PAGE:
A research review discovered multiple positive long-term benefits of self-esteem that varied distinctly from the known negative effects
By MONICA MANMADKAR — firstname.lastname@example.org
In a recent study at the University of Bern and UC Davis, researchers suggested that having high self-esteem can influence people’s lives in a positive manner.
Fascinated by self-esteem as a graduate student, Dr. Richard W. Robbins, a professor in the Department of Psychology at UC Davis, and Dr. Uli Orth, a co-author of this research review and an associate professor of psychology at the University of Bern, conducted many studies examining the relationship between self-esteem and success. Robbins stated that many psychologists also believe that there are several potential costs to having high self-esteem.
“In fact, some psychologists even claim that high self-esteem has a ‘dark side’ because it can lead (in their view) to narcissistic traits that are toxic for relationships and other life outcomes,” Robbins said via email. “My coauthor, Uli Orth, and I disagree with this claim, so we decided to write an article that reviews and summarizes the very large body of research examining the consequences of high vs. low self-esteem.”
The research review went over empirical evidence on the benefits of having high self-esteem. Robbins and Orth delved into the evidence in six categories: social relationships, education, work, mental health, physical health and antisocial behavior. Through their review, they were able to find that self-esteem is beneficial in most of these domains, which holds true throughout different stages of life, genders and ethnicities.
“The findings of our review indicate that high self-esteem helps individuals adapt to and succeed in a variety of life domains, including having more satisfying relationships, performing better at school and work, enjoying improved mental and physical health, and refraining from antisocial behavior, [which refers] to delinquency in adolescence and unethical or criminal behavior in adulthood,” Robbins said.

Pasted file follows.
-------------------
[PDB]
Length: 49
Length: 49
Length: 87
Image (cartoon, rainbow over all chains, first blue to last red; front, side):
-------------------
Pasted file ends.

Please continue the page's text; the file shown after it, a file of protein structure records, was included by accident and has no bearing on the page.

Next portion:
Although the findings did not change across different demographics, the benefits of self-esteem may be moderated by other factors, Orth said.
“For example, having high self-esteem could be more important in some social contexts than in others,” Orth said via email. “More specifically, if an individual lacks a supportive social network, having high self-esteem could be particularly important.”
Orth also explained that the available longitudinal evidence suggests that high self-esteem leads to more satisfying relationships, improved health and better performance at school and work, whereas low self-esteem is a risk factor for problematic outcomes in these life domains.
Looking to future research in this field, Robbins would like to provide stronger evidence that high self-esteem actually causes the positive outcomes detailed in the research review. To prove this conclusively, researchers would need to create interventions to increase self-esteem and then test whether people whose self-esteem has been boosted by an intervention program do better in various life domains than people whose self-esteem was not improved through the program.
Written by: Monica Manmadkar — email@example.com